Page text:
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Eat smart, be strong and live a long life

March 15, 2014
Submitted by Wendy Chirieleison, community health educator for HealthLink Littauer , The Leader Herald

It is essential to maintain a healthy and active lifestyle, especially as you get older. Eating well and getting enough exercise can decrease older adults' chances of getting chronic diseases, disabilities and can increase life expectancy. Many do not consider that entering older adulthood means facing new and unique challenges beyond a change in weight and appetite.

The recommendations

In September of 2011, the USDA released a new publication called "My Plate for Older Adults," a chart which is a food pyramid style guide describing what older adults should be eating. The chart specifies that ages 60 to 74 should be eating 2 cups of vegetables, 1 cups of fruits, 6 oz. grains (3 oz. should be whole grains), 5 oz. protein, and 3 cups of dairy each day. The chart also gives examples for each food group, and states the caloric intake should total 1,800 calories per day.

According to Tufts University, a school that focuses on nutrition, it is recommended these calories consist of foods that are high in vitamins and minerals and low in salt, sugars, and fats, especially trans fats and saturated fats (Mayer 2011). The My Plate chart also recommends physical activity such as walking, playing with your pet or grandchild, gardening, or another activity that you can enjoy with your friends (USDA 2011).

The challenges

In preparing this My Plate chart, the USDA took into consideration some of the concerns older adults face while trying to eat a healthy diet, such as: not getting the recommended amount of fruits, vegetables, and exercise each day; ease of food preparation; food costs; access to certain foods; and oral health problems, like difficulties in chewing and swallowing foods.

The Administration On Aging reports oral health is the most overlooked issue related to poor health and nutrition in older adults. Dry mouth, inflammation of the gums due to poorly fitting dentures, root decay and gum disease are just some of the oral health issues that older adults experience. Poor oral health affects nutrition because the digestive process begins at the time food enters the mouth. Saliva contains important enzymes that begin breaking down foods as the teeth chew the food, making it manageable to swallow. Poor oral health makes this process difficult. About one-third of adults older than age 65 have untreated tooth decay. Severe gum disease can lead to chronic diseases such as diabetes, heart disease, stroke, and respiratory disease.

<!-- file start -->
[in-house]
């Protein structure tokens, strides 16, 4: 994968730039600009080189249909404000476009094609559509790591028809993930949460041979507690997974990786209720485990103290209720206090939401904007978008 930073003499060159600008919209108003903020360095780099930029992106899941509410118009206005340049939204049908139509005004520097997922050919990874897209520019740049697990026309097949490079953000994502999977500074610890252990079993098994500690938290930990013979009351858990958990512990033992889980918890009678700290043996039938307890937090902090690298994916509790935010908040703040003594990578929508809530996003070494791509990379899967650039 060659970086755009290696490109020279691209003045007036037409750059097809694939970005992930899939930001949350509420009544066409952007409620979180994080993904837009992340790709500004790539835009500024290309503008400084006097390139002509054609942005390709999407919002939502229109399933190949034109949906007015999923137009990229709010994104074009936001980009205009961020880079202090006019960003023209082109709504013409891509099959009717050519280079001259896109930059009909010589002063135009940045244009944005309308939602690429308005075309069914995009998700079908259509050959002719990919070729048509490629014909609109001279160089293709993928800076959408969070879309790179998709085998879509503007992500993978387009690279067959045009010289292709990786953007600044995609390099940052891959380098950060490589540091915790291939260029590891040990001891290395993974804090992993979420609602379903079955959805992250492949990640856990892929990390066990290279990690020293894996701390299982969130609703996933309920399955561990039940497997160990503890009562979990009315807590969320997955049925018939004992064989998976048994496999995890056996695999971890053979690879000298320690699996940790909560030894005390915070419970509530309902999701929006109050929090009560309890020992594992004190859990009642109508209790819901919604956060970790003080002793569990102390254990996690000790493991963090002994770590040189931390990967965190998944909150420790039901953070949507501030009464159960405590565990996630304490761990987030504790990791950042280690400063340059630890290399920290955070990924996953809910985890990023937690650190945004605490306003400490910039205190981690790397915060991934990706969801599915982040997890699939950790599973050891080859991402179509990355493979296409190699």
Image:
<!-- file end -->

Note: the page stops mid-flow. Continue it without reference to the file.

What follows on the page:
Strategies to overcome challenges

- Be sure to schedule regular appointments with your dentist.

- Tell the dentist about your oral hygiene routine to be sure that you are doing everything you can to ensure proper oral hygiene.

- When you plan your weekly menu, incorporate items listed in weekly sales flyers where you normally shop.

- Take advantage of fresh produce when it is on sale. If you can, blanch fresh vegetables (boil briefly and drain off excess water) and put them into freezer bags.

- If you can not purchase fresh vegetables, opt for frozen. Canned vegetables can contain sodium or other unwanted ingredients.

- When preparing foods, consider making extras that you can freeze in divided containers. Always label and date foods that go in the freezer to be sure of their freshness.

- If you have a hard time exercising for 30 minutes at a time, break it up into two 15 minute or three 10 minute intervals.

For a free copy of My Plate For Older Adults or for more information, call HealthLink Littauer at 736-1120. People can email HealthLink at healthlink@nlh.org, visit its website at nlh.org, or visit its wellness center at 213 Harrison St. Ext. in Johnstown, Monday through Friday, 9 a.m. to 5 p.m.

 
 
 

 

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